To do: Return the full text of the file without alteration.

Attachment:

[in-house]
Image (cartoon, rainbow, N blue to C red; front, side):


[in-house]
Image (cartoon, rainbow, N blue to C red; front, side):